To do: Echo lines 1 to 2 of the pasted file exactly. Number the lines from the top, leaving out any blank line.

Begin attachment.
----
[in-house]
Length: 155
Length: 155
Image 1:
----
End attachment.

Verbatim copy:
[in-house]
Length: 155